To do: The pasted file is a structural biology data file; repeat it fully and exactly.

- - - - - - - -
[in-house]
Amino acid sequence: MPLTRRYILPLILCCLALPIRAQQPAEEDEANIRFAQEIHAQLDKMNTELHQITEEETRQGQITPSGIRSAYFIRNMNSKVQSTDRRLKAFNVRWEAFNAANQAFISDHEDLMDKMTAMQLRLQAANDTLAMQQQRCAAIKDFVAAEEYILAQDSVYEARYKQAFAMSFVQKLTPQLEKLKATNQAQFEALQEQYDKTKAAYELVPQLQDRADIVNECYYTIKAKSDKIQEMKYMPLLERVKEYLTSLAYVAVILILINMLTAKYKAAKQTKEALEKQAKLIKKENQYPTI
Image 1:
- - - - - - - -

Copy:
[in-house]
Amino acid sequence: MPLTRRYILPLILCCLALPIRAQQPAEEDEANIRFAQEIHAQLDKMNTELHQITEEETRQGQITPSGIRSAYFIRNMNSKVQSTDRRLKAFNVRWEAFNAANQAFISDHEDLMDKMTAMQLRLQAANDTLAMQQQRCAAIKDFVAAEEYILAQDSVYEARYKQAFAMSFVQKLTPQLEKLKATNQAQFEALQEQYDKTKAAYELVPQLQDRADIVNECYYTIKAKSDKIQEMKYMPLLERVKEYLTSLAYVAVILILINMLTAKYKAAKQTKEALEKQAKLIKKENQYPTI
Image 1: